Pete:I mean I think trying to get folks to realize that you don’t have to know everything. You can be working on something and just share something you learned. It may sound very funny or strange but a couple of the best talks I think I’ve heard are actually people talking about what they failed at. So somebody coming up and saying, “I worked on this project and we had x, y and z failures before we succeeded”. So really realizing it takes a certain personality to speak on a regular basis, but getting speakers is extremely difficult. A lot of people have impostor syndrome and “I don’t have anything to talk about” or “What I’m doing isn’t necessarily cutting edge so people don’t want to hear what I have to say” and it’s far from the truth. A lot of folks would say, in our case are we working with Microsoft 365. Do I know everything about Microsoft 365 or the SharePoint framework. I am hooking things up in Azure with Microsoft 365. Those aren’t necessarily the best topics. Some of the best topics are how am I using SharePoint out of the box and getting the most value out of that product. So it’s just really hard finding speakers in general.


The second thing that’s really hard. That’s in general across user group and any of the events. Second is marketing. That to me has been extremely difficult. I’m typically not the person very …  I’m not a huge Facebook user. I’m not somebody that’s typically throwing things out there all the time from a social-








Pete:So trying to do that and trying to stay on top of publicizing the event-




Pete:-making sure everybody’s aware of when things are occurring become a little bit better Twitter user-




Pete:-and a little bit better with Facebook and those types of things, but marketing is a huge challenge. Just letting people know what’s going on and making sure that folks are informed has been a big challenge. It’s been a stretch trying to-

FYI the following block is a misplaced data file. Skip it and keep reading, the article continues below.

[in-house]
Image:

Pete:-learn some new things. I know you use some marketing tools but for me it’s like, “Okay what can I use for free?”


Danny:Yeah yep.


Pete:So how do I schedule-


Danny:I have to do that a lot as well.


Pete:So how do we schedule tweets about the event. How do we use Facebook to publicize the event. What are we doing on the websites? Those are big challenges that as a “coder” or an engineer you don’t necessarily think about but they’re vital in anything, not just business in general but in community events especially.


Danny:Yep. It’s tough. It’s more difficult once you dig into it-




Danny:-than you expect it to be-




Danny:It’s challenging in a good way.


Pete:Mm-hmm (affirmative) Oh yeah.


Danny:It definitely challenging. You’ve got the Code Camp that’s coming up and tell me a little bit more about what is a … I’ve never attended a Code Camp.


Pete:So Code Camp is a one day conference very similar to SharePoint Saturday or just a general technology event but where SharePoint Saturday or Cloud Saturday are niche, they focus on one specific area, Atlanta Code Camps or Code Camps occur across the country. Atlanta is an instance of Code Camp. They focus on anything. Where SharePoint Saturday may focus on Microsoft 365 and you get a lot of things like PowerApps or how do I use content types. Those are focused areas. Code Camp can be a wide range. So we can have anything from IoT to Cloud, using Amazon, using C# in Amazon for example. How do I use C#  for example. Can I do that? Take your pick, it’s a much broader spectrum. That pulls quite a large attendance typically close to 500 if not over range of registrants. The topics cover a much broader spectrum so it’s not Microsoft specific for example.